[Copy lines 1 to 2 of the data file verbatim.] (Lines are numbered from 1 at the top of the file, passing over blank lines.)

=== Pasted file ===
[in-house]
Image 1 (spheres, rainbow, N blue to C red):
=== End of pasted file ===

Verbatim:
[in-house]
Image 1 (spheres, rainbow, N blue to C red):